The interaction of activation-repolarisation coupling and restitution properties in humans

Hanson, Ben, Sutton, Peter, Elameri, Nasser, Gray, Marcus, Critchley, Hugo and Taggart, Peter (2009) The interaction of activation-repolarisation coupling and restitution properties in humans. Circulation: Arrhythmia and Electrophysiology, 2 2: 162-170. doi:10.1161/CIRCEP.108.785352

Author Hanson, Ben
Sutton, Peter
Elameri, Nasser
Gray, Marcus
Critchley, Hugo
Taggart, Peter
Title The interaction of activation-repolarisation coupling and restitution properties in humans
Journal name Circulation: Arrhythmia and Electrophysiology   Check publisher's open access policy
ISSN 1941-3149
Publication date 2009-04
Sub-type Article (original research)
DOI 10.1161/CIRCEP.108.785352
Volume 2
Issue 2
Start page 162
End page 170
Total pages 9
Place of publication Philadelphia, PA, United States
Publisher Lippincott Williams & Wilkins
Language eng
Formatted abstract
Background: Dynamic modulation of repolarization is important in arrhythmogenesis. An inverse relation exists in myocardium between activation time (AT) and action potential duration (APD). We hypothesized that resulting gradients of APD and diastolic interval (DI) interact with restitution properties and modulate the timing of repolarization.

Methods and Results: Activation-recovery intervals (ARI) were acquired from reconstructed noncontact unipolar electrograms from the left ventricular endocardium in 9 patients (7 male) with normal ventricles. At a basic paced cycle length (median, 450 ms), ARIs shortened along the path of activation, with a mandatory reciprocal increase of DIs. In the median patient, this range of DIs started at 230 ms at the site of earliest activation and increased to 279 ms at the site of latest activation at a basic cycle length of 450 ms. Four consecutive standard S1 to S2 restitution curves were performed. At sites with a longer ARI (and therefore shorter DI) close to the site of stimulation, premature stimulation produced more shortening of ARIs; therefore, the time course of restitution was steeper than at more distal sites. At normal heart rate, the decrease in ARIs along the conduction pathway compensated for later activation. Thus, dispersion in repolarization time (RT) is smaller than dispersion in ARI in a heart with a steep negative AT-ARI relationship. This protective effect is lost in hearts without such a relationship. In the patients with a steep AT-ARI relationship at basic cycle length, this relation is lost after premature stimulation and is a function of prematurity. Thus, dispersion in RT is larger after shortly coupled extra stimuli in patients with a steep AT-ARI relationship.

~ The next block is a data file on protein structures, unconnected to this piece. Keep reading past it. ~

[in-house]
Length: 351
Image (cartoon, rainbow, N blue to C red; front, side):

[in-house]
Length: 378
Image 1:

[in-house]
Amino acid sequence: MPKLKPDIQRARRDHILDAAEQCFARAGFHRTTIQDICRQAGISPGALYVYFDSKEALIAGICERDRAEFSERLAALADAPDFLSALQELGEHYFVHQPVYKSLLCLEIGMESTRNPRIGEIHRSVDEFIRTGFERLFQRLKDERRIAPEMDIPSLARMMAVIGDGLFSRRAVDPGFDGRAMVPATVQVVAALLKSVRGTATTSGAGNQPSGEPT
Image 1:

Conclusions: A complex interplay exists between activation-repolarization coupling and restitution properties, largely driven by ARI and DI gradients. This plays a significant role in the dynamics of repolarization in humans.
Keyword Arrhythmia
Q-Index Code C1
Q-Index Status Provisional Code
Institutional Status Non-UQ

Document type: Journal Article
Sub-type: Article (original research)
Collection: Centre for Advanced Imaging Publications
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Citation counts: TR Web of Science Citation Count  Cited 24 times in Thomson Reuters Web of Science Article | Citations
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Created: Tue, 30 Oct 2012, 11:22:51 EST by Sandrine Ducrot on behalf of Centre for Advanced Imaging